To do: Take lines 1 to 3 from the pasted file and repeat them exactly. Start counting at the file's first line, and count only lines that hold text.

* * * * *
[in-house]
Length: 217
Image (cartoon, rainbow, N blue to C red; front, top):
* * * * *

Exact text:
[in-house]
Length: 217
Image (cartoon, rainbow, N blue to C red; front, top):